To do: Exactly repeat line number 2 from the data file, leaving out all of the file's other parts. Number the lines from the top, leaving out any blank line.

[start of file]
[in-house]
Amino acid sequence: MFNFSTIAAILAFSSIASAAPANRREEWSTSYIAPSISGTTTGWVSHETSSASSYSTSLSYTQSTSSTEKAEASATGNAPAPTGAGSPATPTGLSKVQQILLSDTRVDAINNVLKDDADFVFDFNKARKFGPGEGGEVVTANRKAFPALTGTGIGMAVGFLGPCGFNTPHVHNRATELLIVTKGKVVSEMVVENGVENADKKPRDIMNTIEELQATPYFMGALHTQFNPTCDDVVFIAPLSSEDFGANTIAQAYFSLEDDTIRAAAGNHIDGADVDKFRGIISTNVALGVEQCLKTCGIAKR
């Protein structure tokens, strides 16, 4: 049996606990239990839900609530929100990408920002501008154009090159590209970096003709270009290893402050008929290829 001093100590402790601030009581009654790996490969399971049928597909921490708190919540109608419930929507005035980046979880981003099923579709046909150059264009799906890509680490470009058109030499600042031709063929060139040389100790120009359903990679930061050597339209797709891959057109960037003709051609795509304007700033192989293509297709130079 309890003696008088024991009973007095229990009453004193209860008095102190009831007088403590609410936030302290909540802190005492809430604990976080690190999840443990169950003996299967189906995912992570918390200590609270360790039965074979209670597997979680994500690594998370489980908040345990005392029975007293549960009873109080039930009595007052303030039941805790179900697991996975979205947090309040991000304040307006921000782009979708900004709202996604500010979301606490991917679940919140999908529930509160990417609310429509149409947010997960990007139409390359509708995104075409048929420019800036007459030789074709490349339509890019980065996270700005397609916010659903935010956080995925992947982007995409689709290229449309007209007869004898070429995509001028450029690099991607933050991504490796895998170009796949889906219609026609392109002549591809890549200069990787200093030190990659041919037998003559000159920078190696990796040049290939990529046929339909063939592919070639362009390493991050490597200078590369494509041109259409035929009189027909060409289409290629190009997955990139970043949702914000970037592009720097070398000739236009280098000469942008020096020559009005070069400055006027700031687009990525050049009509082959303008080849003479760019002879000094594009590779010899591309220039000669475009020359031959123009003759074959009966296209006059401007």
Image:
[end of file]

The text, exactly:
Amino acid sequence: MFNFSTIAAILAFSSIASAAPANRREEWSTSYIAPSISGTTTGWVSHETSSASSYSTSLSYTQSTSSTEKAEASATGNAPAPTGAGSPATPTGLSKVQQILLSDTRVDAINNVLKDDADFVFDFNKARKFGPGEGGEVVTANRKAFPALTGTGIGMAVGFLGPCGFNTPHVHNRATELLIVTKGKVVSEMVVENGVENADKKPRDIMNTIEELQATPYFMGALHTQFNPTCDDVVFIAPLSSEDFGANTIAQAYFSLEDDTIRAAAGNHIDGADVDKFRGIISTNVALGVEQCLKTCGIAKR